Understanding the Sociopolitical-Historical Context and its Impact on Teachers of Students of Mexican Background: A Closer Look in a Mainstream and in an English Language Development (ELD) Classroom
AuthorAcosta Iriqui, Jesús Martín
Language, Reading & Culture
English Language Learners
MetadataShow full item record
PublisherThe University of Arizona.
RightsCopyright © is held by the author. Digital access to this material is made possible by the University Libraries, University of Arizona. Further transmission, reproduction or presentation (such as public display or performance) of protected items is prohibited except with permission of the author.
EmbargoRelease after 15-May-2014
AbstractA large body of research exists concerning teaching students of Mexican background whose primary language is not English, who I call Potentially Biliterate Students (PBLs) in this study. The focus of the research around these students often addresses bilingual education, academic achievement, the impact of language policy, and segregation, among other areas. Yet inequalities still prevail when educating this group of students. Language policies such as Proposition 203 and House Bill 2064 in Arizona, which are not research-based, target this particular population -perpetuating inequalities that have been visible since the Mexican-American War of 1848. This dissertation is informed by sociocultural (Vygotsky, 1978) and sociocultural-historical (Rogoff, 2003) perspectives. Theories of second language (Krashen, 1982; Cummins, 1991; Collier, 1995) and the interplay with mathematics education (Moschkovich, 2002, Khisty, 1995) are also important components that frame my study. This study took place in two different third-grade classrooms, a mainstream and an English Language Development/Structured English Immersion (ELD/SEI), in an English-only environment. The school is part of a school district in southern Arizona where most students are of Mexican background. I employed ethnographic tools to address my research questions. The data sources of this study come from field notes from participant observations, video-recorded sessions, interviews (video- and/or audio recorded) with both teachers and students, and teachers autobiographies regarding their language and mathematics learning experiences, offering a rich source for analysis of the resources and classroom practices in the teaching-learning environment. This data allowed me to develop in-depth case studies for both teachers based on the nature of their classrooms. Thought the two case studies presented, I document how the sociopolitical-historical context and the teachers' training and professional development shape their classroom practices, language ideology, attitudes towards the subjects they teach, as well as their perceptions about their students and families; in particular around students of Mexican background. Additional research is needed to connect results similar to this study with the impact on students' outcomes and behavior, as also the impact on participation of the different school members -parents and other community members.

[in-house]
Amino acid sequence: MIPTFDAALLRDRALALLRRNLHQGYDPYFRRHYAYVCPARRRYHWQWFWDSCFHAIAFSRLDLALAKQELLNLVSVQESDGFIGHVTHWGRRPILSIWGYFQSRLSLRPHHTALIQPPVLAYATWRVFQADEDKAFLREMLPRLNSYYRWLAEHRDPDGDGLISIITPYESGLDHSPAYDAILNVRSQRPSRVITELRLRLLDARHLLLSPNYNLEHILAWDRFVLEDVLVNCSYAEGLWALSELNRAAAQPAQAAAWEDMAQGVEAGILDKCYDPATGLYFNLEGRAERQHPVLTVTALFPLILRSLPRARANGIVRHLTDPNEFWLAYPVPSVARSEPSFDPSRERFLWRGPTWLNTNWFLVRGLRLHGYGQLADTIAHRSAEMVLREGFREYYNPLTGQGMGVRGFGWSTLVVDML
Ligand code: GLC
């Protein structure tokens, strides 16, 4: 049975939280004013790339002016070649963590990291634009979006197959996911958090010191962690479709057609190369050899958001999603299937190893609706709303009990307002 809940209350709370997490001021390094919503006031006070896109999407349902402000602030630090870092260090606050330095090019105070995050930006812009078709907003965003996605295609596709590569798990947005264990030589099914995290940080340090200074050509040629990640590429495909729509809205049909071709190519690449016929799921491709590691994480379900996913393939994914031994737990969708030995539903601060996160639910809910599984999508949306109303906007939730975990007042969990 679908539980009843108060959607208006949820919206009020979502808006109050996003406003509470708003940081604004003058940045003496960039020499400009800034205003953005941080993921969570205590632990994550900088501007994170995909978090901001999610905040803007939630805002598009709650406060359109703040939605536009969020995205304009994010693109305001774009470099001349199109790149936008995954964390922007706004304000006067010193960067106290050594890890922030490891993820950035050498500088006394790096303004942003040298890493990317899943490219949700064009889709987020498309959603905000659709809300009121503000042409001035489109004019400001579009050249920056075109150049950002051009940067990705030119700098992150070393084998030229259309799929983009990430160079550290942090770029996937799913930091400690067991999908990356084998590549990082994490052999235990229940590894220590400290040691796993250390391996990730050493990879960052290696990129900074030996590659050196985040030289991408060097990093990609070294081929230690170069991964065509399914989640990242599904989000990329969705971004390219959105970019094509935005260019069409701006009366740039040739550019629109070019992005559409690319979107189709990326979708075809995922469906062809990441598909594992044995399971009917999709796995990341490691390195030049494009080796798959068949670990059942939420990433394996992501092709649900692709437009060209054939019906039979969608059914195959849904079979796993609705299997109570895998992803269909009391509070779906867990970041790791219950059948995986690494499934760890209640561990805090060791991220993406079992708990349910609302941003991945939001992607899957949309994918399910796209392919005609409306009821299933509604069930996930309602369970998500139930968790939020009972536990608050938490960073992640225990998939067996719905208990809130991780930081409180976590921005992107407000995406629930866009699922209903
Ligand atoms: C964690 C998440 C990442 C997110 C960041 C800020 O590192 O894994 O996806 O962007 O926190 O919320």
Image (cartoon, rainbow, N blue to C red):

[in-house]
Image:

Degree ProgramGraduate College
Language, Reading & Culture
Degree GrantorUniversity of Arizona
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Acquisition versus long-term retention of Japanese words and syntax by children and adults: Implications for the critical period hypothesis in second language learning.Boswell, Paul Duane; Reyna, Valerie; Brainerd, Charles; Aleamoni, Lawrence M. (The University of Arizona., 1993)The critical period hypothesis for second language learning, which states that young children learn additional languages better than adults, lacks unambiguous empirical support as well as a coherent theoretical model. An experimental study was conducted which analyzed child-adult differences in difficulty of acquisition and long-term retention for rules of syntax and words in Japanese, a language unfamiliar to the subjects. The results of this study found no advantage for children over adults either in acquisition or long-term memory. However, relative to the difficulty of acquisition, the children had lower forgetting rates for words than for rules when both materials were learned completely. In the lexical study, the children's performance at retention was closer to the adults' than at acquisition, whereas in the syntax study, the opposite was the case. These results confirm the existence of developmental differences in the forgetting rates of different materials. Such results imply that, if there is an advantage for learning language at an early age, it might be localized in lexical retention.
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